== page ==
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Home > Knowledge & support > Resource hub > We are perfectly imperfect
I was diagnosed when I was 13. I was very lucky to have people around me who had noticed how skinny I had become, how thirsty I was and my constant emergency toilet trips. My school teachers began to get concerned and I was tested at school and then sent straight to the doctor.
Learning to surf has brought challenges that I would never have even considered. I am often in the water for two to five hours at a time, expending a lot of energy and away from the comfort of checking my levels.
My surfing reminds me a lot of my journey with diabetes. I often miss waves and fall off my board, but I never stop paddling. When you get that wave, overcome the challenges and achieve your goals, the feeling is indescribable.
I am currently using the Freestyle Libre sensor, which has transformed my life. The biggest benefit for me is that I now feel like I am part of a club. I wear my sensor proudly and am often asked what it is. To some, this may be frustrating but for me this is an opportunity to spread awareness and be proud of the condition I live with.
I remember the moment I first wanted to share my voice. I was a week into my diagnosis, overwhelmed by the information being thrown at me. I began looking through YouTube to try and find other people living happy, fulfilling lives with type 1. I didn’t manage to find any videos. I felt so alone. I decided then that I was going to fill that gap. The Youth Ambassador programme is a platform that allows me to share my stories, to spread awareness of diabetes, to connect and build community.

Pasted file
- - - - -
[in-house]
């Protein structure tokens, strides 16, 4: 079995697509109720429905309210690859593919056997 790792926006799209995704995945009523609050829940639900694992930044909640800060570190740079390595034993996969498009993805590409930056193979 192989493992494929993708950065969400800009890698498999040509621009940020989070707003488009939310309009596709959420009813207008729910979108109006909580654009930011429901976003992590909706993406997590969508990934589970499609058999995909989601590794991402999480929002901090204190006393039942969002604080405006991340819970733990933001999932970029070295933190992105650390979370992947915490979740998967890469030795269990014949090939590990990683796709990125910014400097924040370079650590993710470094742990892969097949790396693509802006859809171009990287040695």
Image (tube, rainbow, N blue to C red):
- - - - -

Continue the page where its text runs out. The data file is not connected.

I look forward to sharing the tips and tricks that I have developed over the last 11 years. I am a true believer that the real learnings in life are through doing, making mistakes and life experience.
There is a lot of joy that comes from helping others. If we can use our challenges and struggles to help other people going through the same thing then it makes it all worth it.
I feel very comfortable sharing pictures of my technology with others, although it was not always this way. I used to hide my sensor by wearing baggy clothes. However, I learnt to love this part of me. I realised that it is not something to hide or be ashamed of. It is something to be proud of.
I started yoga when I was on a gap year in New Zealand. The effect it had on my control was mind blowing. I had never seen my levels so good, and for such amazing results to come from something I loved so much, led me to feeling like I had found my calling in life.
Try to accept your condition rather than avoid it. Don’t be afraid to ask for help or be vulnerable and have open conversations with your friends and colleagues. Make sure the people around you know that you have type 1 and teach your friends and family how to check your levels.
Wear your condition with confidence, don’t be afraid of what others think or believe it makes you any less. This is far from true and in fact it is your superpower and makes you so special, so unique and so loveable. We are perfectly imperfect.
You can follow Josie on Instagram at @josie_newth
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"Type 1 doesn't get in the way of my sports at all. It's something I just try and manage as best I can."
Maddie Bonser, JDRF's Research Operations Officer, talks about growing up with a brother who has type 1.